Posts Tagged ‘ lady gaga ’

Grammy Fashion Do’s and Do Not Do’s

Ah the Grammys! Always night for some badass fashion. (Lenny Kravitz. Need I say more!?) Some celebs reallllly nailed it! My other top choices:

  1. Pop princess Selena Gomez who killed it in a gold J. Mendel. What a beautiful girl seriously, stunning.
  2. Ryan Seacrest’s babe Julianne Hough rocked a bold printed Malandrino number.
  3. Everyone should consider entering his or her next party in an egg. That’s all I’m going to say.
  4. J.Lo . Dang! Girl worked it in a long-sleeved silver Pucci. Those legs! A real woman right there.
  5. Jennifer Hudson in Versace. She’s looking soooo good lately. The dress, the hair, the shoes, the jewelry.  Amazing.

However… some just didn’t impress:

  1. Really Nicki Minaj? (Lady Gaga: ’09 ACE gala anyone?) Its been done. As much as I love Givenchy… just no.
  2. Although I’m quite the fanatic for shear clothing, I really didn’t enjoy Rihanna in John Paul Gautier. (but ask any male and they’d probably have a different opinion…)
  3. Miranda Lambert failed miserably. That dress. Ohhh that strapless dress did not fit her… at all.

Speaking of Miranda Lambert failures, that performance of  “house that built me” was just so boring. Snooze fest indeed.  My favourite performance on the other hand, even as short as it was, was John Mayer, Nora Jones, and Keith Urban’s take on “Jolene”. Ugh it gave me chills I loved it SO much! The Rihanna, Eminem, Skylar Grey, and Dr. Dre mashup was super good too, along with Mumford and sons who were amazing as always! Totally upset me though that they lost for best new artist to… wait what was her name again?

To sum the night up, the fashion (for the most part) was a hit and the performances impressed. But Seth Rogan totally stole the night for me. Ohhhh Miley.

– Steph Martyniuk


Jay Leno vs Conan

Written By: Chris D’Alessandro

Jay Leno is not funny.

Now, I didn’t really weigh in on the Leno vs. Conan thing last year because honestly, I didn’t care who the host of “The Tonight Show” was. I didn’t grow up with it. I grew up with lots of different late night talk shows with lots of different hosts and while Conan was my favourite, I would usually just pick the show with the best guests that night. The jokes are all super lame no matter which show you’re watching so it was just pick your poison and enjoy your hack. This was why I really couldn’t understand the huge fuss about getting to host “The Tonight Show”. People tried to explain to me the significance of the show and the importance of the time slot but it didn’t matter to me; I never even watched “The Tonight Show” at night anyway, I usually caught a rerun the following afternoon.  I was fairly bummed out to not see Conan O’Brian on TV anymore, but now I understand what the real fuss was all about. It was because Jay Leno is not funny.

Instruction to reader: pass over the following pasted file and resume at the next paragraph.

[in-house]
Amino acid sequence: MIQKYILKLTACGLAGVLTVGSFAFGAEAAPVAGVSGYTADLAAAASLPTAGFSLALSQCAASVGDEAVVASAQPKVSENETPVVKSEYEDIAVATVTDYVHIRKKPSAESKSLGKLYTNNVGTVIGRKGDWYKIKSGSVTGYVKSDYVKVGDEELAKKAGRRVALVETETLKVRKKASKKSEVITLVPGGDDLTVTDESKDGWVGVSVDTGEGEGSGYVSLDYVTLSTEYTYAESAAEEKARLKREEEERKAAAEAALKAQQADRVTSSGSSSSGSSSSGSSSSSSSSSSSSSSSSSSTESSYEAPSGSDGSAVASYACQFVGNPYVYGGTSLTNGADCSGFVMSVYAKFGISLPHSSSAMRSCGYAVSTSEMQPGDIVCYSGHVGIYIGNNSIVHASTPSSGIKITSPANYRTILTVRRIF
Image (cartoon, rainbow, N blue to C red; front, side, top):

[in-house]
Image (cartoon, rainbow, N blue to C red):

He isn’t. Seriously. There was a reason his show (cleverly deemed “The Jay Leno Show”) tanked like it did. Nobody with a brain wanted to watch “The Jay Leno Show” because it wasn’t funny. If you screw up your own show, you do not get to host “The Tonight Show”, especially after you were already booted off. I can literally watch his monologues with a straight face, he ripped off ‘Jay-walking’ from Howard Stern and ‘headlines’ are spelling errors not jokes.  Worst of all the most interesting guests they’ve had on in the last year have been the cast members of” Jersey Shore” which are, of course, not interesting in the slightest. Those people may be entertaining on a reality TV show, but they have literally nothing of even mild interest to talk about.

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From the Editor’s Desk: What’s Next?

The editor indulges in all things related to the new issue. Which is, er, What's Next. Click to read print version.

There’s a number of routes I could take here. I could wax nostalgic. I go get all philosophical and up my own ass. I could lament and expose. Truth is, I’m not sure how to sum up this issue. Or this magazine for the past couple of years. It’s damn hard.

Of course I need to thank the Sheridan Student Union. It’s unbelievable that they have continued to give us full creative freedom on this student-run publication. To allow students to steer such an important vehicle and give a voice to the student body is unheard of. It doesn’t happen all too often.

I, personally, have learned a lot from TRAVIS. This magazine has taught me more than the Internet has. This magazine has become part of me, part of my being, part of my identity. This magazine has cemented my desire in pursuing the badgershit-crazy world of magazines. This magazine has welcomed me to the strange and wonderful world of stupid-talented designers, illustrators, writers, photographers and helpless dolts. This magazine has literally made me bleed, cry and vomit. This magazine has been recognized on a national playing field—and on Wikipedia. This magazine has actually had more than 24 people read it. And this column alone broke the news to my parents that I crashed my red sports car. And that I wasn’t a virgin.

And this column alone broke the news to my parents that I crashed my red sports car. And that I wasn’t a virgin.

I owe you one, TRAVIS.

It’s with looking down the bumpy road of the future that we put together the What’s Next issue. As technology pushes forth at a headache-producing speed, what’s next with Apple? As Avatar easily became the top-grossing flick ever and revolutionized the way we’re entertained, what’s next in movies? As Lady Gaga continues to wear cigarette-burning sunglasses and redefine clothing, what’s next in fashion? As Dr. Jeff Zabudsky takes the throne, what’s next for Sheridan? And as you graduate, leaving Sheridan’s training wheels behind, what’s next for you, dear TRAVIS reader? Doesn’t matter, you have a Sheridan diploma in your paws. Allow me to pinch your cheek and say, “You’ll be just fine.”